John Glenn, the first American astronaut to circle the earth, has died at the age of 95.
The Washington Post, in noting his passing, wrote:
One of the original “Magnificent Seven” astronauts in NASA’s Mercury program, John Glenn captured the nation’s attention in 1962 when he first circumnavigated the globe and returned as a hero who had scaled heights no American had reached before.
In his post-NASA career, Glenn served four terms as a U.S. senator from Ohio. Following his last term in 1998, at age 77, he took a final flight of glory, rocketing back into space as a crew member aboard the space shuttle Discovery.
For Baby Boomers, John Glenn was a familiar name as America became more involved in the space race. Glenn and his fellow space pioneers who made up the Magnificent 7 — Scott Carpenter, Alan Shepard, Gus Grissom, Gordo Cooper, Wally Schirra, and Deke Slayton — literally went where no man had gone before. They were the first astronauts … they were the space cowboys.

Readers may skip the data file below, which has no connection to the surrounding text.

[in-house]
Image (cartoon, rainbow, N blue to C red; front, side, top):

A Marine pilot who went on to run for public office after retiring from NASA, Glenn outlived them all. His body will lie in state in the Ohio Capitol, and he will be buried at Arlington Cemetery.